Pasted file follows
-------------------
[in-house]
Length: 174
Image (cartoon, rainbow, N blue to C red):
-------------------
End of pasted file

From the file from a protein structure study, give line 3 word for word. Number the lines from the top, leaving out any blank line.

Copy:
Image (cartoon, rainbow, N blue to C red):